There is no substitute for a culture of integrity in organizations. Compliance alone with the law is not enough. History shows that those who make a practice of skating close to the edge always wind up going over the line. A higher bar of ethics performance is necessary. That bar needs to be set and monitored in the boardroom.  ~J. Richard Finlay writing in The Globe and Mail.

Sound governance is not some abstract ideal or utopian pipe dream. Nor does it occur by accident or through sudden outbreaks of altruism. It happens when leaders lead with integrity, when directors actually direct and when stakeholders demand the highest level of ethics and accountability.  ~ J. Richard Finlay in testimony before the Standing Committee on Banking, Commerce and the Economy, Senate of Canada.

The Finlay Centre for Corporate & Public Governance is the longest continuously cited voice on modern governance standards. Our work over the course of four decades helped to build the new paradigm of ethics and accountability by which many corporations and public institutions are judged today.

The Finlay Centre was founded by J. Richard Finlay, one of the world’s most prescient voices for sound boardroom practices, sanity in CEO pay and the ethical responsibilities of trusted leaders. He coined the term stakeholder capitalism in the 1980s.

We pioneered the attributes of environmental responsibility, social purposefulness and successful governance decades before the arrival of ESG. Today we are trying to rebuild the trust that many dubious ESG practices have shattered. 


We were the first to predict seismic boardroom flashpoints and downfalls and played key roles in regulatory milestones and reforms.

We’re working to advance the agenda of the new boardroom and public institution of today: diversity at the table; ethics that shine through a culture of integrity; the next chapter in stakeholder capitalism; and leadership that stands as an unrelenting champion for all stakeholders.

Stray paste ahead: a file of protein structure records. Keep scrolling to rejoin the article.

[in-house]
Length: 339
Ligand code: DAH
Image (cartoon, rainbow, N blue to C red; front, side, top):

Our landmark work in creating what we called a culture of integrity and the ethical practices of trusted organizations has been praised, recognized and replicated around the world.


Our rich institutional memory, combined with a record of innovative thinking for tomorrow’s challenges, provide umatached resources to corporate and public sector players.

Trust is the asset that is unseen until it is shattered.  When crisis hits, we know a thing or two about how to rebuild trust— especially in turbulent times.

We’re still one of the world’s most recognized voices on CEO pay and the role of boards as compensation credibility gatekeepers. Somebody has to be.

We have talked occasionally on these pages about the game of baseball as a metaphor for life.  It has its rules, which are to be respected, otherwise nothing can be advanced.  (Wall Street please note.)  It has its ups and downs, which test the loyalty of fans. Some teams in New York and Chicago test it more than others.  And it has its heroes, who, at their best, quietly inspire in a way that transcends age and place in life and unites both tycoon and taxi driver in a common adulation.  And it has its terrible disappointments that go beyond the loss of a game or even a season.  They break the heart. 

In recent years, there have been a lot of broken hearts.  The game has lost some of the glitter and the grace it once had.  It needs to get them back.  

Compare these clips from two who have commanded enormous idolization and trust in their time.  There could not be a starker contrast, or sadder commentary, on the decline of the game, and the need to get its magic back.



Honest people.  Authentic character.  Modesty in the face of success.  Grace in the company of defeat.  Respect for the institution, its fans and all the trust that goes with the uniform.  This is the way back for baseball and those who are fortunate enough to be able to aspire to the fields where the Greats once played and where their spirit never fades.

This is the way for genuine heroes. It is a one-way road.